Sheila Rawlings, director of development for the Neighborhood Academy, talked up the 21-year-old private, faith-based school located on North Aiken Avenue that gets support from United Way. The Academy started offering summer camps and progressed, she said, to serving children and youths from “19 different ZIP codes.”

“The No. 1 goal of our school is to provide a college preparatory education for students whose families would not have the resources to send them to a college prep school,” she said, adding that 100 percent of Academy graduates have been accepted into college, while “75 percent graduate from college in five years or less, and 89 percent come back to Pittsburgh, delivering work.”

Those interested in donating, can visit Pitt’s United Way Campaign information page.

Human Resources strategic plan

In other meeting business, James Gallaher, vice chancellor of Human Resources, presented the department’s strategic plan goals its staff shared in multiple information sessions in September. Click here to read the University Times’ coverage.

Following Gallaher’s presentation, faculty members brought up questions and concerns including hourly pay rate caps for undergraduate students, the difference between “hard” money payments and “soft” compensation (through grants, stipends, etc.) and other compensation/recruitment-based issues, and accessibility to campus childcare services.

Gallaher noted that a job recruitment fair to be held on Nov. 16 will be “primarily” focused on student employment “and so maybe we need to consider doing something similar for those folks that might be coming through on soft funds.”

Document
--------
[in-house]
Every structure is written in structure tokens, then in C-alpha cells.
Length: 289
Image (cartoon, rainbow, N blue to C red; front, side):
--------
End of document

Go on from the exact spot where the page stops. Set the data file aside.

Another faculty question involved a promising job candidate who worked at Pitt but was limited in how much their salary could increase if they switched to another University role.

“That's part of that whole flexibility piece and being able to be much more flexible in terms of how we recruit and retain employees,” Gallaher noted. “And so that is one of the areas that we're looking to address … In the short time that I've been here, we've already begun to scale back on some of those ‘rules for rules’ sake’-kind of things, to allow those adjustments.”

Noting the highly competitive labor market, he added “we have to be more flexible if we’re going to retain great employees, because they have options.”

In response to a question about Human Resources implementing an “online performance management system,” Gallaher was quick to clarify that it involved a cloud-based, paper and PDF-free evaluation approach rather than surveillance of employees’ online activities.

“We’ll leave that to Microsoft and others to surveil,” he said. “We’re talking performance management, the annual assessment process, and having that stored in the cloud, (allowing) you to have the discussion and dialogue with the staff member but document it all in cyberspace.”

Responding to concerns about child-care options and the difficulty of getting a spot at the University Child Development Center (UCDC), Gallaher admitted that “the challenge is staffing right now. In the childcare space, it is really difficult,” he said, citing both available applicants and those who meet UCDC quality standards. “That’s been a real challenge, but we're trying,” he said, “and the goal is absolutely to get back to pre-pandemic levels.”

Shannon O. Wells is a writer for the University Times. Reach him at shannonw@pitt.edu.